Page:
4) Fecal occult blood testing (FOBT)

FOBT evaluates a sample of your stool. It looks for blood that you can’t see with the naked eye. If there is any bleeding in the digestive tract, it could be a sign of:

  • Colorectal cancer
  • Colitis
  • Ulcers
  • Diverticulosis
  • Hemorrhoids
  • Polyps

This test is typically recommended prior to developing symptoms. But, FOBT alone is not enough for diagnosing a particular health problem. If the test does show blood, you might have to do another test to find the exact cause.

Some experts might do a gFOBT. They place a small stool sample on special cards and coat them with a chemical substance. The card can change color if there is blood in the stool sample.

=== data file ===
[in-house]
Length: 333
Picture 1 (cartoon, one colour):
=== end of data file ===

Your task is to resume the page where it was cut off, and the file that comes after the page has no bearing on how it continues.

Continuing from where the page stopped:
There are no side effects or risks to getting FOBT.


  • It is a non-invasive testing method.
  • It can detect blood from different areas of the GI tract


  • More stool samples might be necessary.
  • Some diet restrictions and medication adjustments may be needed before testing.

5) Double contrast barium enema

DCBE, or barium enema, relies on X-rays to detect any abnormal growth in the colon. This is one of the available alternatives to a colonoscopy test.

This option doesn’t require sedation. It can identify lesions in the entire colon and detect carcinoma in its early stage. 

Since this test uses X-ray radiation, it does come with risks. Patients are exposed to small amounts of radiation. 

After testing, they can develop laxative side effects, like bloating or a mild headache. They can also experience constipation or upset stomach. Another very rare risk of DCBE is bowel perforation.